My neighborhood: Lori M

During my interviews of the folks in my neighborhood, I found that 3 of the four people that I spoke with told me that we lived in one of the most diverse sections of the city.  I know that the word “diversity” is one of the new buzz words of the last decade but after speaking with the people in the neighborhood, at school, in the stores, and seeing the stats I believe that my neighbors are spot-on in their assessment. 

There are just as many homeowners as there are renters living in the homes surrounding my neighborhood.  As you walk down the streets within a couple mile radius, there are many multi-cultural restaurants and churches from Greek, Irish, American, Jamaican, Catholic, Episcopalian, Islam, Methodist, Baptist, and Lutheran. There are parks, bike paths, schools—both public and private, colleges, libraries, and a couple of marinas. The music can be heard on certain days playing from the church across the street.  The neighborhood has anywhere from the Mom and Pop to corporate businesses/restaurants and thrift stores to Macy’s. We have people driving old beat up cars, SUV’s, and Mercedes, walking, riding bikes, and taking public transportation for work and play. There is one thing that I can say about my neighborhood; there are people outside all the time day or night, snow or rain, cloudy or sunshine.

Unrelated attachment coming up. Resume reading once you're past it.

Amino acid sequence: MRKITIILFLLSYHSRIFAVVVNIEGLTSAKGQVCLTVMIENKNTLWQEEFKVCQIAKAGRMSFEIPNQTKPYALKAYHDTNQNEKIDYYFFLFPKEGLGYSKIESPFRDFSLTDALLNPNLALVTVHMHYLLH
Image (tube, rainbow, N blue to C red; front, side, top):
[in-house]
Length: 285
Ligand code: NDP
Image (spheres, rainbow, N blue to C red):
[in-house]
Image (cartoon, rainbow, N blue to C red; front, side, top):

The statistics below show that this area of Rochester (the 14609 zip code) is fairly diverse and they will give you a baseline for the area.

Read more:

Household type by relationship:

Households: 40,408

3,926 married couples with children.
5,018 single-parent households (791 men, 4,227 women).

83.6% of residents of 14609 zip code speak English at home.
10.2% of residents speak Spanish at home
4.5% of residents speak other Indo-European language at home
0.8% of residents speak Asian or Pacific Island language at home

1.0% of residents speak other language at home

Foreign born population: 3,041 (7.5%) (65.3% of them are naturalized citizens)

Races in zip code 14609:

White population: 20,798

Black population: 13,520

Hispanic or Latino population: 6,466

American Indian population: 115

Asian population: 419

Native Hawaiian and other Pacific Islander population: 6

Other race population: 97

Two or more races population: 1,150